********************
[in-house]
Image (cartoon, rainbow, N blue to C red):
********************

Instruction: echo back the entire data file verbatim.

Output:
[in-house]
Image (cartoon, rainbow, N blue to C red):